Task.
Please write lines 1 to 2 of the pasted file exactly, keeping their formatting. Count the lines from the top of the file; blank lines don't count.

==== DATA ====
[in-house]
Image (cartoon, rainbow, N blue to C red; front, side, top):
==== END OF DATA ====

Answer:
[in-house]
Image (cartoon, rainbow, N blue to C red; front, side, top):